One of the most common questions I receive from fellow freelancers is whether or not they should ghostwrite for clients.
For many writers, it goes sorely against the grain to let someone else take the credit for their work. With this in mind, it’s not much of a surprise that a number of them ask me about the ethics of ghostwriting.
Deciding to ghostwrite falls into a gray area for many. On the one hand, you are agreeing to provide a product or service to someone, and they should be able to use it as they like. However, we also place a premium in our society on doing your own work. So it seems strange that you would be asked to ghostwrite and let someone else claim credit for your work.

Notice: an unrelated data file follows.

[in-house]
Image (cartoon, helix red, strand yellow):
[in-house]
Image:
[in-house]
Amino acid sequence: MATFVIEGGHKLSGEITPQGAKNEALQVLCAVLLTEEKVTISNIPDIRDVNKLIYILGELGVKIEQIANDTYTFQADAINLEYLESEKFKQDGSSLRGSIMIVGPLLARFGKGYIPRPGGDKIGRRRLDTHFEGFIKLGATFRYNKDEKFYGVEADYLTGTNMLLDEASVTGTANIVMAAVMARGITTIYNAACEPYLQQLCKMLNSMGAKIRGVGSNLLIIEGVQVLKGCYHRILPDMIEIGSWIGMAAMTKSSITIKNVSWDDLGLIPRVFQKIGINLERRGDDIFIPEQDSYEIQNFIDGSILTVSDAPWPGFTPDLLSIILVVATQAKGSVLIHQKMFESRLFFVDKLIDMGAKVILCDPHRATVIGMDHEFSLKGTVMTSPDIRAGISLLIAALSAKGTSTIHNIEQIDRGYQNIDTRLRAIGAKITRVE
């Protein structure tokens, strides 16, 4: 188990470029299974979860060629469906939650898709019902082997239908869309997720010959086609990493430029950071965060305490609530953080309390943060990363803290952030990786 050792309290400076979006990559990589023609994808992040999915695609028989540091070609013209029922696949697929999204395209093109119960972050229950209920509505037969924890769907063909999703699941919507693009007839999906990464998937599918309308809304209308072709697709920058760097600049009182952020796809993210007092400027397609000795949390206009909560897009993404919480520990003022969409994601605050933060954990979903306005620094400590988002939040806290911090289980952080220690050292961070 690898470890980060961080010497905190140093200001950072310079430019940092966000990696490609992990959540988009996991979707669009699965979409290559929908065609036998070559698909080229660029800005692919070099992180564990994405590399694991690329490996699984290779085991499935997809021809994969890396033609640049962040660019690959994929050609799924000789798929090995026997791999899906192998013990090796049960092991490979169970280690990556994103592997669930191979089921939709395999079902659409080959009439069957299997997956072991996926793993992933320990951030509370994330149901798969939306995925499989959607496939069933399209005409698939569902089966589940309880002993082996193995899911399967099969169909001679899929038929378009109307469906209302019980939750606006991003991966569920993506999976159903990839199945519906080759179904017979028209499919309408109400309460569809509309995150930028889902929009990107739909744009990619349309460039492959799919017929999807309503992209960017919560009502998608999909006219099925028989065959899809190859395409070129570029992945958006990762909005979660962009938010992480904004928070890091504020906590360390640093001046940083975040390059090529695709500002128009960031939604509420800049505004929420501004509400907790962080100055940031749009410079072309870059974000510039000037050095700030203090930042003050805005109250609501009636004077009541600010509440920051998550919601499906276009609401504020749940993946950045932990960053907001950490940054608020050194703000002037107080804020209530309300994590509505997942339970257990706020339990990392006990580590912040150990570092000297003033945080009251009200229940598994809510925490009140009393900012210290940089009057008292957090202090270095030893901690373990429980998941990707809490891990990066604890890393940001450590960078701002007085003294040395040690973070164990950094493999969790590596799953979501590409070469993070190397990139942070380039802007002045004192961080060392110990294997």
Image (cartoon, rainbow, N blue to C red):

However, not everyone feels comfortable writing their own stuff. As long as you and the client are both clear about who should receive the byline, it’s really not much of an issue — if you don’t mind yielding the glory. It can also make sense to charge a little extra, since part of the point of being a freelancer is to receive visibility.
Of course, not everyone wants to ghostwrite. You don’t have to if it’s not your thing.